- Maurice Denis, “The nabis with beautiful icons” | Read more
Maurice Denis was born in Granville in 1870 and lived his entire life in Saint-Germain-en-Laye.
He was a friend of Ranson, Bonnard and Sérusier, with whom he founded the Nabis movement in 1889.
Influenced by Puvis de Chavannes and Odilon Redon “the nabis with beautiful icons” he was also inspired by the Italian primitives, Fra Angelico, Piero della Francesca and Raphael encountered on his trips to Italy (1895, 1898, 1907).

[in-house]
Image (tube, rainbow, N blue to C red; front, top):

In 1890, he published his ‘Definition of neo-traditionalism’:
“Remember that a painting, before becoming a battle horse, a naked woman or any anecdote, is essentially a flat surface covered with colours in a certain assembled order. “
Maurice Denis illustrated books for Verlaine (edited by Vollard in 1911), Dante, Gide, Barrès and Claudel.
His art was based on his Christian faith and the exaltation of a family life lived with Martha (married in 1890), the mother of his children, his chosen model. At the same time in 1912 he published a theory on Modern Art, on Religious Art (1922) and in 1939 a History of Religious Art.